On November 5, Cuba commemorates the beginning of Operation Carlota, through which our country collaborated in the struggle for the independence of the current Republic of Angola and other South African nations.
The name Carlota alludes to the black slave who led the slave uprising of the Triunvirato sugar mill in Matanzas. That is one of the most valuable precedents in the history of rebellion in our country, and from that place tribute was paid this Sunday.
On the occasion of the 180th anniversary of one of the most important uprisings in colonial history, the people of Matanzas paid tribute in an act of remembrance from the monumental complex that preserves African memory.
The date also marks the beginning of the internationalist operation in Angola 48 years ago, so an offering of flowers to those who fell in that feat showed the respect of the Cuban people.
The member of the Central Committee of the Party and Chief of the Central Army, Major General Andrés Laureano González Brito, attended the ceremony that illustrated the evolution of the struggles with Afro-Cuban songs and dances.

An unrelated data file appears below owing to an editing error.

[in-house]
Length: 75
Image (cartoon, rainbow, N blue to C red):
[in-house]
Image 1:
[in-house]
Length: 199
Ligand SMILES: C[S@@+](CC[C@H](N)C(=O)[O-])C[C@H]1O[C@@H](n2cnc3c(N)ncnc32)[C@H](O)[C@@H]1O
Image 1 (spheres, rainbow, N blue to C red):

New members joined the political organizations of the UJC and the PCC, when they received the card that accredits them from the hands of the first secretary of the Party in the province, Susely Morfa González. The Association of Combatants swelled its ranks with new comrades who received membership and also the 30th anniversary seal granted by its national leadership.
The historical event of 1843 set the tone in the development of anti-slavery thought and established principles in the independence ideals of Cubans from the liberation wars, acknowledged in his words the deputy to the National Assembly and president of the Union of Historians of Cuba, Jorge Luis Aneiro Rodríguez.
From the ruins of the Matanzas sugar mill, the black drums sounded on November 5 once again, to allude to the transcendence of these indelible pages in the history of Cubanness. (ALH)
Translated by Casterman Medina de Leon